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How Combinations of Cultural Practices Aid Weed Control

Monday, March 1, 1999
filed under: Minimum Till/No-Till

USDA research in south central North Dakota and northeastern Colorado

underscores the synergism for sunflower weed control that occurs when

two or more helpful cultural practices are combined. While the main

reason(s) for employing practices such as narrow rows, higher plant

populations, delayed planting and cover cropping may not necessarily

relate directly to weed control, such practices can provide an important

assist in that regard, report Don Tanaka and Randy Anderson.

Tanaka is a soil scientist with the USDA-ARS Northern Great Plains

Research Laboratory at Mandan, N.D., while Anderson is director of the

Central Great Plains Research Station at Akron, Colo. Since 1995,

they've coordinated research into methods and technologies for the

development of high-residue production systems for dryland sunflower in

the Northern and High Plains. Along with that objective, the USDA

scientists have looked at how various cultural practices may likewise

aid with weed control. "Use of cultural practices to improve weed

control reduces producer input costs, potential for herbicide-resistant

weeds, and pesticide contamination of surface and ground waters," they

point out.

What have Tanaka and Anderson concluded? Based on their 1998 research

with weed control in no-till sunflower, and prior work conducted at both

Mandan and Akron during 1995-97, they note, not surprisingly, that

there's no "one size fits all" formula for cultural weed control across

the entire Great Plains. "Because of variations in climate and

precipitation patterns, cultural practices for effective weed control in

sunflower need to be developed by regions," they emphasize. As to

specific cultural practices, they conclude the following:

o Crop Canopy - Narrow rows (i.e., 15 to 18 inches apart) and higher

plant populations (i.e., 25 percent or more above normal populations)

help suppress weeds and also tend to increase subsequent seed yield -

regardless of location. That's due to the enhanced competitiveness of

the sunflower canopy when there are more plants in a given field and

those plants are closer together. Tanaka notes that narrow rows in the

Northern Plains commonly have resulted in yield increases of from 10 to

30 percent versus standard 30-inch rows; and, combined with higher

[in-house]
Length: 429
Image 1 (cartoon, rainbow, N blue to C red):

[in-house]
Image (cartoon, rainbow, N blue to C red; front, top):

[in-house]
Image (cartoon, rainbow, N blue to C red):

populations, also improve weed control.

o Delayed Planting - A delayed planting date can have a large impact on

weed control in the High Plains, but it's likely to have a limited or no

effect in the Northern Plains. The difference lies in the length of the

growing season - and planting window - in the respective regions.

"Because of the longer growing season, [this is] one of the most

effective practices to minimize weed growth" in the High Plains, say the

USDA researchers.

o Nitrogen Placement - Tanaka and Anderson say banding nitrogen near the

planted row contributes to reduced weed growth in the Northern Plains

growing region. That's because a broadcast application naturally will

"feed" between-row weeds as well as the sunflower. In the High Plains,

however, banding has a minimal effect on weed growth reduction because

the soils themselves are releasing quite high levels of nitrogen during

the warm June planting/early growth phase.

o Rye Cover Crop - Irrigated growers in the High Plains have been able

to make a rye cover crop work in their sunflower; but dryland producers

generally won't fare as well, suggest Tanaka and Anderson. That's

because "water is more limiting and rye can become a weed if winter

wheat is grown in the rotation" - which is usually the case in the High

Plains. For Northern Plains producers, a rye cover crop can effectively

reduce weed growth; but it also can contribute to moisture stress in the

sunflower crop, they add.

o Hybrid Choice - "Differences in growth habits of sunflower hybrids

[are] not sufficient to aid weed control" in the High Plains, the USDA

scientists state. In the Northern Plains, any effect one's choice of

hybrids may have on weed control is overshadowed by the need to choose

hybrids based on other essential considerations, such as yield and oil

content potential and disease tolerance.

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